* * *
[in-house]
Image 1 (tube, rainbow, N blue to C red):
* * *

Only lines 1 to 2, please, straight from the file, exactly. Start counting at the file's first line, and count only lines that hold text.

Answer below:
[in-house]
Image 1 (tube, rainbow, N blue to C red):